Injuries have eaten away at Bradley's four seasons here. He became a starter in 2008 and performed very well, and in fact appeared ready to become one of the NFC's finest at the middle linebacker position. But then he spent all of 2009 on Injured Reserve after suffering a torn ACL in the summer and last year he missed four games with injuries (concussion, elbow injury). Can Bradley stay healthy enough to become an elite player?
When Bradley went down last season, rookie Jamar Chaney stepped up and played well down the stretch. Then the Eagles drafted three linebackers, two of whom -- Casey Matthews and Greg Lloyd -- who could get looks at middle linebacker in practice at some point.
It is truly unknown whether Bradley returns. The Eagles tendered Bradley at a second-round compensation level should he be a restricted free agent in the NFL's new world, so they clearly value him as a player here.
But the unknown is Bradley's free-agency status. The Eagles have to make sure they are prepared to welcome Bradley back or move on without him in Juan Castillo's defense.
The biggest question since the end of 2010 is Kevin Kolb and his status. Trade rumors have swirled forever, it seems. The Eagles have a true commodity here -- a veteran backup quarterback who is still young enough to be a quality starter for many years to come in this league.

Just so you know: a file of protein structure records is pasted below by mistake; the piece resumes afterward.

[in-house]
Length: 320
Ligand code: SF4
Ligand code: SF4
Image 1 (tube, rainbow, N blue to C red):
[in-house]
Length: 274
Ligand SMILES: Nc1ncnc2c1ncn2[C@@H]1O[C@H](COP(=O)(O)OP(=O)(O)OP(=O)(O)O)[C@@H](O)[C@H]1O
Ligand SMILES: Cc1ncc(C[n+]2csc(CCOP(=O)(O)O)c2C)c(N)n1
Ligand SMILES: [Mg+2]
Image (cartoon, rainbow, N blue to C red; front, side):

If Kolb leaves, who backs up Michael Vick? It could be Mike Kafka, who enters his second season having not thrown a pass in a regular-season game. If you think there isn't much of a drop off in terms of experience, you are mistaken. Kolb has shown he can go in for weeks at a time and win games and perform well. We haven't seen enough from Kafka to know how he will play in the regular season.
Of course, the Eagles could keep Kolb and head into the year with a three-deep situation at quarterback. Or they could trade Kolb and sign a veteran as a hedge against Kafka's lack of experience.
Quarterback is obviously a position to watch intently when the team gets back on the field.
Overall, the roster is young enough to expect improvement for years to come, and experienced enough in the key positions to have terrific veteran leadership. The offense looks like it will be largely untouched from last year -- first-round draft pick Danny Watkins is certainly expected to make an immediate contribution at right guard -- and should only improve as Vick has a preseason of working with the starters and the pieces around him get better.
The defense is experienced at the line of scrimmage. There are obvious personnel questions elsewhere, which add to the intrigue of the months ahead. Special teams with Akers and punter Sav Rocca's status (he is not signed) undetermined have a ways to go before all of the pieces are in place.
But there is a good blend here, one that is going to change with free agency, with the trade market and with some non-drafted rookies who come in and surprise. Andy Reid always has a vision of what he wants: A solid group of veterans leading the way for the younger players. The only difference with this group is that, based on what happens ahead, the over-30 club could be as small as it has ever been here as the roster churns and the Eagles build for a sustained run at division titles and deep playoff runs once again.